Dreams of jobs training hit reality; Atlanta vows it won’t surrender

Less than 10 percent of those who applied for a job-training program initiated by Falcons team owner Arthur Blank passed the drug test required for acceptance to the program, according to Atlanta City Councilmember Ivory L. Young, Jr.

Young cited the figure to illustrate the challenge of job training for individuals who have troubles past or present. Of 160 applicants, 18 were accepted, he said.

As feds probe workforce program, for alleged fraud by vendors, Mayor Reed reappoints majority of its board

Federal authorities are conducting a criminal investigation into Atlanta’s workforce training program, city records show.

The U.S. Department of Labor is investigating allegations of fraud, by at least 57 vendors, which were unearthed in an audit released in February 2013 by Atlanta City Auditor Leslie Ward, records show.

Although an outside consultant hired by Invest Atlanta recommended July 31 that Atlanta reorganize the board that oversees the training program, Mayor Kasim Reed has recommended that 12 of 21 board members be reappointed.

Atlanta seeks to rebuild troubled workforce training program

After more than two years of review, Atlanta is taking steps to rebuild its troubled workforce development strategy.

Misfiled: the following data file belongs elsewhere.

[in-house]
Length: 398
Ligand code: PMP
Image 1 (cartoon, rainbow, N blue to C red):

A year-long analysis of the Atlanta Workforce Development Agency released by Mayor Kasim Reed seeks to address problems in an agency so troubled that a city audit suggested Atlanta should consider disbanding the agency.

A key finding of the review stated: “Today, Atlanta’s Workforce Investment Board and the AWDA operate in ways which are in direct contrast with the emerging best practices, and should be addressed as the AWDA plans for the future.”

As feds probe possible fraud in Atlanta’s workforce agency, Invest Atlanta steps into void

Invest Atlanta, the city’s development arm, plans to hire a consultant next month to sharpen Atlanta’s workforce development strategy.

The project is moving forward as the federal Department of Labor weighs evidence of possible fraud in the federally funded Atlanta Workforce Development Agency. The agency’s budget approaches $10 million a year.

Invest Atlanta distributed a request for proposals regarding the workforce strategy on March 4, according to a schedule contained in the RFP. That was a month after the Feb. 4 release of a city audit that revealed the evidence of possible fraud and recommended Atlanta’s workforce agency be discontinued.